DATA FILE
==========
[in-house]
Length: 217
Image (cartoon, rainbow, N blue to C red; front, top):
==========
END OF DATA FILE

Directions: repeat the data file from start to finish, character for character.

[in-house]
Length: 217
Image (cartoon, rainbow, N blue to C red; front, top):